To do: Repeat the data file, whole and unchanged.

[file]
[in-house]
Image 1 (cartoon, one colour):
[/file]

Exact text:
[in-house]
Image 1 (cartoon, one colour):